Here's some answers to some of the questions posted...

    1. I burned Home Fire Prest Logs exclusively last season. No cordwood at all! They were expensive, but burned great and yielded very little ash. They do form "clinkers" in the bottom of the stove (looks like lava rock), so maybe some of that formed on top of the baffle plate? Those not familiar with these can see the specs at www.homefirelogs.com. I'm going back to cordwood this year as the Home Fire logs are too expensive in this part of the country ($418 per pallet).

    2. The chimney is lined with a 6-in. stainless liner and capped at the top. The only way rain could get in is with a strong side wind. My guess is that the rust is from the humidity trapped inside the firebox. My Jotul Kennebec has a 3" air intake duct that is connected to an outside vent. I didn't close the vent this summer, so I'm wondering if the normal air flow during those months allowed humid air to be trapped inside. Just a thought...

    3. "Shaling" - very possible! I'll have to open up the shopvac and check the contents more closely. I don't add any type of "soot remover".

    I wish I knew how to post pics to make things easier....

    Thanks again.
  11. babalu87

    babalu87 New Member

    Joined:
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    Messages:
    1,440
    Loc:
    middleborough, ma.
    I out one of those do not eat bags that come with electronics in my stove after the season ending cleaning.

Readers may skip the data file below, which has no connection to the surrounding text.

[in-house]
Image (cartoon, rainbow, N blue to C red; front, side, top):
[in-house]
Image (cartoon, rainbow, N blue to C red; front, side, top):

I think I will continue with that practice.

    The bag I have isnt the ordinary one , it came with a big piece of equipment at work.
  12. MountainStoveGuy

    MountainStoveGuy New Member

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    Northern Colorado Mountains
    if you want to email them to me you can, i will post them. Its not hard. just reduce the photo to a max 250kb and hit the "post reply" button, and attach.
  13. recppd

    recppd New Member

    Joined:
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    Loc:
    North Shore, MA
    I gotta tell ya, you totally lost me with this one...
  14. Shane

    Shane Minister of Fire

    Joined:
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    1,830
    Loc:
    Casper Wyoming
    I think he's talking about that silicate crap that they put in jerky to absorb the moisture. Only alot bigger.
  15. minesmoria

    minesmoria New Member

    Joined:
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    I am on coastal bc where the logs are made, i asked them were they their logs come from.

    Some of it comes down the coast towed in log booms in the ocean, and others logs from up country


    The salt eats away at the stove.
  16. webbie

    webbie Seasoned Moderator Staff Member

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    Western Mass.